The Student Senate got into a heated debate during their weekly meeting Thursday evening over a bill that would change Baylor’s grading scale.
Senior Academic Affairs Chair Cody Orr sparked a debate when he discussed the bill he had authored, which proposed the adoption of a plus and minus grading scale. Orr admitted that he wrote the bill reluctantly.
“I view this bill like taking medicine,” Orr said. Orr insisted that Baylor’s current grading scale is unique among those used by schools of Baylor’s caliber in its grade inflation.
The current grading scale is strictly a plus system.
“None of them do what we do, and that’s a problem,” Orr said. A few senators took issue with the bill, claiming that it misses the problem and should not take precedence over bills the Senate could pass that would represent current Baylor students.
The majority of the Senate agreed with the bill, citing the importance of one’s GPA in relation to the professional world. “This makes you a more serious player in the work world,” Sugar Land senior Meredith Meece said.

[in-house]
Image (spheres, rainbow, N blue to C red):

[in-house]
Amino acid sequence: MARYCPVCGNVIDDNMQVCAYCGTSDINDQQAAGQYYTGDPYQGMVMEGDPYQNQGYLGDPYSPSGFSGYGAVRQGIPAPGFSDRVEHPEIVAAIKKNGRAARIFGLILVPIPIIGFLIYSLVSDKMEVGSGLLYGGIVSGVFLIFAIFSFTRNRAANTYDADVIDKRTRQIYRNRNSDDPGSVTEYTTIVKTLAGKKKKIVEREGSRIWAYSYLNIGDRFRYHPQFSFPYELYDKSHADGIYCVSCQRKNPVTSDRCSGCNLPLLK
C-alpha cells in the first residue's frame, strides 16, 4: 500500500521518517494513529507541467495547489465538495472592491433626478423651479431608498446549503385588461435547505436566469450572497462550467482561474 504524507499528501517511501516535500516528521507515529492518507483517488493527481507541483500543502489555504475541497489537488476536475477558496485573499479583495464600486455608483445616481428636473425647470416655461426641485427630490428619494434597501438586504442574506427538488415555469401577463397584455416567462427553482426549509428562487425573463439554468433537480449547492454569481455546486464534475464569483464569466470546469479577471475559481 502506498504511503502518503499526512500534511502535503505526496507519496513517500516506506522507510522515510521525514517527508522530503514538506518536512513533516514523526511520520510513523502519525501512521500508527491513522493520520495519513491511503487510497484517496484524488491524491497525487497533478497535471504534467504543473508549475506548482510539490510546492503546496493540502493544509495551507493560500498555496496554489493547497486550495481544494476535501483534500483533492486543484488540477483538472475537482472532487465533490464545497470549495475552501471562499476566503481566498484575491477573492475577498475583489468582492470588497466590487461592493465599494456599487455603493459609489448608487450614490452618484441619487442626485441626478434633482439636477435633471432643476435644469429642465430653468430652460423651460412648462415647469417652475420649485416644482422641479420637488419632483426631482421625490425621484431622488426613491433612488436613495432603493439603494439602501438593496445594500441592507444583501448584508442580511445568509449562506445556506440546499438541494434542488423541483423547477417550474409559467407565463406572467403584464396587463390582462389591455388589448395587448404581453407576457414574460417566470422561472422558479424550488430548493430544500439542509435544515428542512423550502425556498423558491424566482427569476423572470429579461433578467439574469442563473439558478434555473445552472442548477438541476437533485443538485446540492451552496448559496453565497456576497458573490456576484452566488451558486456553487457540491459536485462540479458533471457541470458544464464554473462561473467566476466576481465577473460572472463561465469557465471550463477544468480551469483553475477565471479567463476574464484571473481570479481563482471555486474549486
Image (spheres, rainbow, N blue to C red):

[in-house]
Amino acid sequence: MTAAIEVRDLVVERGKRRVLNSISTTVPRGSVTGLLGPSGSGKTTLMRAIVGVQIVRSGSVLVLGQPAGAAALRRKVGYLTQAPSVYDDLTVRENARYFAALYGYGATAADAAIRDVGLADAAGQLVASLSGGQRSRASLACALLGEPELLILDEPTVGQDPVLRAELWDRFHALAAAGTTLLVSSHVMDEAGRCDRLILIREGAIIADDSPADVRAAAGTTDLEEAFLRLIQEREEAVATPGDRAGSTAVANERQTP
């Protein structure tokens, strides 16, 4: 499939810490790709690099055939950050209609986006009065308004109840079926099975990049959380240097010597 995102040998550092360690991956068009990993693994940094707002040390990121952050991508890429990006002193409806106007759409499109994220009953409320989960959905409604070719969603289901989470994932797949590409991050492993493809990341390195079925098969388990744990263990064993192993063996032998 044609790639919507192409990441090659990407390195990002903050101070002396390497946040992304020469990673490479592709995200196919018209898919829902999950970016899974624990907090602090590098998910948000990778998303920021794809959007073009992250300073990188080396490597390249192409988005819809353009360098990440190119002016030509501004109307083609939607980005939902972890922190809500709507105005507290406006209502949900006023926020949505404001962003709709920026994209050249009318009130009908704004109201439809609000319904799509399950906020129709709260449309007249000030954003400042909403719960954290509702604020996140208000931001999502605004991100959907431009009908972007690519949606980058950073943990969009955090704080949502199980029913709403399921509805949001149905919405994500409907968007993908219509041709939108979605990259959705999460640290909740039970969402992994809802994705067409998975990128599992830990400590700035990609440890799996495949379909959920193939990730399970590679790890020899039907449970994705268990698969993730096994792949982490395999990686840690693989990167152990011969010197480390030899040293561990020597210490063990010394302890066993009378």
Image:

After Orr addressed the concerns and questions of his fellow senators, Houston senior and Student Body President Brian Kim held a vote on the bill.
The Student Senate passed the bill 29 to 14.
The new grading system will include minus grades, which the current grading scale does not. The proposed scale would not include A-plus or A-minus grades.
This bill would not affect students who entered Baylor under the current catalog.
Orr and the academic Affairs Committee are unsure of when the new grading policy would be implemented. if the university decides to put the bill into effect.
Now that the bill has been passed it must be reviewed and approved by a department in the university that can enact the bill. Colorado Springs, Colo., sophomore and chaplain Meagan Rowell began the meeting by challenging the members of the Senate to a week of kindness. Rowell encouraged senators to be kind in their pursuit of building a better Baylor.
The Senate voted in unanimous favor of swearing in six new members, including a chief justice, three junior senators, one freshman senator and a freshman secretary of the treasury.